Why didnt Miss Brill interfere with the people in the park in "Miss Brill"?    

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Miss Brill did not interfere with the people in the park because she enjoyed listening to them and watching them more than interacting with them.

Miss Brill is an older woman who lives a solitary life.  One of her favorite things to do is go and sit in a park and people-watch.

Miss Brill likes to watch people, but she also likes to listen.  She sits in her own “special seat” in the park, and likes it when the people talk, and “always looked forward to the conversation.”  She wears a fur that she enjoys putting in her lap and stroking.

She had become really quite expert, she thought, at listening as though she didn't listen, at sitting in other people's lives just for a minute while they talked round her.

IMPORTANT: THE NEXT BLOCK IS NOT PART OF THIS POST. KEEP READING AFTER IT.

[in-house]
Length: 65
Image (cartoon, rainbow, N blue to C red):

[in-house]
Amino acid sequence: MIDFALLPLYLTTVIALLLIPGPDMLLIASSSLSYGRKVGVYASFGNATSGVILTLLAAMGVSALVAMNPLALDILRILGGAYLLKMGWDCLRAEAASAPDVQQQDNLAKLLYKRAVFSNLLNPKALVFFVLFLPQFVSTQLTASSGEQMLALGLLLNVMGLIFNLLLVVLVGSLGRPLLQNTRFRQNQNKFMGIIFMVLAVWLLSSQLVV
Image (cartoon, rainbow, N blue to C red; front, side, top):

Miss Brill considers herself a play she likes to watch, and she realizes that she is a part of the play.  She always comes to sit on that park bench, just as the band always plays.  If she was not there, someone would be sure to notice her.  She still does not interact physically, but in her mind she is interacting with them just by being there.

Oh, how fascinating it was! How she enjoyed it! How she loved sitting here, watching it all! It was like a play. It was exactly like a play.

"Miss Brill" is a story about the isolation we all face in society.  Miss Brill really does not have anyone to interact with.  She therefore creates a rich fantasy of interaction, and imagines herself as part of the larger picture.

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